This new study found that replacing saturated fat (palmitate) with monounsaturated fat (oleate) resulted in lower LDL, and a lower LDL:HDL ratio:
Dietary Intake Of Palmitate And Oleate Has Broad Impact On Systemic And Tissue Lipid Profiles In Humans, American Journal of Clinical Nutrition, March 2014
It was a crossover trail of 15 adults. They ate a high–palmitic acid (HPA) diet for 3 weeks then switched to a low–palmitic acid and high–oleic acid (HOA) diet.
“HOA lowered the ratio of serum low-density lipoprotein to high-density lipoprotein (LDL:HDL) in men and women. … These results suggest that replacing dietary PA with OA reduces the blood LDL concentration.”
Palmitic acid (PA) is a saturated fatty acid found abundantly in meats, cheeses, butter, and other dairy products. (16:00)
Oleic acid (OA) is a monounsaturated omega-9 fatty acid. Good sources are oils of safflower, olive, canola, sesame, pecan, almond, sunflower, peanut, and avocado. It is also found in animal fats including fats of pork, poultry, and beef. (18:1 cis-9)
I looked up Dr. Lawrence Kien (University of Vermont), the lead author on this study, and found the following related research he had published:
Substituting Dietary Monounsaturated Fat For Saturated Fat Is Associated With Increased Daily Physical Activity And Resting Energy Expenditure And With Changes In Mood, American Journal of Clinical Nutrition, April 2013
Design: With the use of a balanced design, 2 cohorts of 18 and 14 young adults were enrolled in separate randomized, double-masked, crossover trials that compared a 3-wk high–palmitic acid diet (HPA; similar to the Western diet fat composition) to a low–palmitic acid and high–oleic acid diet (HOA; similar to the Mediterranean diet fat composition). All foods were provided by the investigators, and the palmitic acid (PA):oleic acid (OA) ratio was manipulated by adding different oil blends to the same foods. In both cohorts, we assessed physical activity (monitored continuously by using accelerometry) and resting energy expenditure (REE). To gain insight into a possible mood disturbance that might explain changes in physical activity, the Profile of Mood States (POMS) was administered in cohort 2.
Results: Physical activity was higher during the HOA than during the HPA in 15 of 17 subjects in cohort 1 (P = 0.008) (mean: 12% higher; P = 0.003) and in 12 of 12 subjects in the second, confirmatory cohort (P = 0.005) (mean: 15% higher; P = 0.003). When the HOA was compared with the HPA, REE measured during the fed state was 3% higher for cohort 1 (P < 0.01), and REE was 4.5% higher in the fasted state for cohort 2 (P = 0.04). POMS testing showed that the anger-hostility score was significantly higher during the HPA (P = 0.007).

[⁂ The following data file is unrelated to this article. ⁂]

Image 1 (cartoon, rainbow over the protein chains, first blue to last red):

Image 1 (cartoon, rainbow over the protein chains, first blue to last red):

Conclusions: The replacement of dietary PA with OA was associated with increased physical activity and REE and less anger. Besides presumed effects on mitochondrial function (increased REE), the dietary PA:OA ratio appears to affect behavior.
Kien found that a diet high in saturated fat not only lowered the drive to be physically active, but also “appeared to affect behavior.” Replacing saturated fat with monounsaturated fat increased physical activity, increased the amount of energy used at rest (burned more calories at rest), and resulted in a lower anger-hostility score.
What foods to eat?
Using PA and OA lipid numbers (which I’ve included in parentheses above) and NutritionData, I determined that one ounce (2 tablespoons) of:
Butter has 6.1 grams palmitic, 4.7 grams oleic
Olive oil has 3.2 grams palmitic, 20 grams oleic (4 grams sat fat total)
Cheddar cheese has 2.7 grams palmitic, 2.2 grams oleic (6 grams sat fat total)
Sesame oil has 2.5 grams palmitic, 11.0 grams oleic
Almond oil has 1.8 grams palmitic, 19.4 oleic
Beef chuck has 0.4 grams palmitic, 0.9 oleic (2 grams sat fat in a 3 oz. serving)
Safflower oil has 1.2 grams palmitic, 21 grams oleic
Canola oil has 1.2 grams palmitic, 16.7 grams oleic
Almonds (23 whole kernels) has 0.8 grams palmitic, 8.6 grams oleic
It’s evident that eating more olive oil to increase monounsaturated fat has a down side … it comes with a hefty amount of saturated fat. Olive oil has more saturated fat than a large egg, and more saturated fat than a 3 ounce serving of beef.
I think a better way of lowering the saturated fat:monounsaturated fat ratio is to get your fat from whole food sources. Note that almonds, 23 of them!, provide 8.6 grams monounsaturated fat, along with several other vitamins and minerals, and 3.4 grams of fiber. Oil would be pressed to achieve that.